Parliament’s undermining is unacceptable

opinionParliament’s undermining is unacceptable

There are lessons to learn from what transpired in Parliament during the confrontation between the treasury benches and the Opposition during the debate on the motion of thanks by the President. Both sides have to show greater accommodation, the ruling dispensation in particular, so that the deliberations do not get disrupted due to the conduct of members from either side.

It is the prime responsibility of the government to ensure that the House runs smoothly. However, the Opposition too cannot absolve itself of the responsibility of not allowing matters to be discussed and debated on the floor of the Lok Sabha and also that of the Rajya Sabha.

It is unfortunate that the institution of Parliament is being undermined and this is absolutely unacceptable and goes against the spirit of democracy. Things have got worse in the past few years and it has been observed that the relations between the ruling party members and the Opposition have not only deteriorated, but instead of being adversarial have been reduced to being hostile and bordering on enmity.

The role of the presiding officers too has been under scrutiny and both the Speaker of the Lok Sabha and the Chairman of the Upper House have to ensure that they remain neutral in their dealings, and are not viewed as tilting towards the ruling dispensation, a charge that the Opposition has been making repeatedly.

Many Parliamentary practices and conventions have taken a back seat and no effort is made to accommodate the various opinions which are sought to be expressed in the House. The problem arises because the forum is also being used to twist facts or distort what is being stated. Inputs from outside are introduced even while reporting on what has happened inside. This is in total violation of how the House was run and how the deliberations were reported.

What needs to be clearly understood is that the complexion of the Lok Sabha has changed. The BJP’s numbers have come down from 303 to 240. The Opposition’s strength has gone up and therefore keeping in view the new reality, the attitude and the approach to matters have to be also according to the transformed equations. The ruling dispensation must realise that the Opposition would be more vocal and therefore, there should be a strategy which should be in place.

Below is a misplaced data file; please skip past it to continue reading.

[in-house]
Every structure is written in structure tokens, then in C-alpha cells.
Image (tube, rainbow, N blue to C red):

What needs to be done is greater emphasis on consultations with the floor managers and more effective functioning of the Business advisory groups. The Parliamentary Affairs Minister as also the Speaker’s office must reach out to the Opposition in order to have a smooth conduct of proceedings.

In the recently concluded session, it was observed that the Prime Minister, who is both the leader of the Lok Sabha and the head of the government was booed while he was speaking and the Opposition also staged a walkout. This is not how the members should react.
Equally important is that the treasury benches should not interrupt the Leader of Opposition and permit him to have his say. The Congress grouse is that when Rahul Gandhi was speaking, the Prime Minister, the Home Minister and the Defence Minister, got up to either contradict him or give a distorted complexion to what he had stated.

If at any point the government felt that the statements being made by the LoP were inaccurate, the contrasting facts should have been placed on the floor of the House instead of interruptions. A single line denial for instance is not sufficient when there is a reference to Agniveer, which has become a contentious issue in many parts of the country amongst the youth wanting to join the armed forces, and thus needs to be looked with an open mind.

Similarly, the farmers in some regions are unhappy and their grievances need to be adequately addressed without any further delay. There has also been dissatisfaction over the expunging of remarks of Opposition leaders. The rule so far has been that only unparliamentary language needs to be erased and not every word. The contrary assertions can also exist in the records side by side. However, these matters can be settled if there is closer consultation between the two sides.

It was certainly against the rules that the LoP exhibited photographs of Gods and saints inside the Lok Sabha. This was also equally true when the BJP members would raise slogans of Jai Shri Ram and make other chants while the Prime Minister was speaking in the Lok Sabha that existed prior to this one.

The problem is that both sides realise that what they are doing at times was against the conduct rules but continue to do so. This is where better sense has to prevail. The Opposition is unhappy with the presiding officers who in their perception always go out of the way to side with the government.

The Rajya Sabha Chairman can avoid making comments on those who are speaking and instead allow them to express themselves. So far as the Lok Sabha is concerned, it was evident that when the ruling party decided to repeat the presiding officer, the decision would be interpreted as an act of provocation, given the fact that the Speaker had in the previous Lok Sabha suspended a large number of Opposition members.

The larger point is of running the House, and for this unless greater accommodation is demonstrated by the ruling party, and the government reaches out to the Opposition, things would remain unchanged. Between us.

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